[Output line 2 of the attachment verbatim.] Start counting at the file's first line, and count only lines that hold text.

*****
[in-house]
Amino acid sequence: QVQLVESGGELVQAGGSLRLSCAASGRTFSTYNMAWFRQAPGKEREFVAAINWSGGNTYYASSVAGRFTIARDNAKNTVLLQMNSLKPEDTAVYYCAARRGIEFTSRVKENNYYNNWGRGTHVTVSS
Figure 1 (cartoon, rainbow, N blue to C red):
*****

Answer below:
Amino acid sequence: QVQLVESGGELVQAGGSLRLSCAASGRTFSTYNMAWFRQAPGKEREFVAAINWSGGNTYYASSVAGRFTIARDNAKNTVLLQMNSLKPEDTAVYYCAARRGIEFTSRVKENNYYNNWGRGTHVTVSS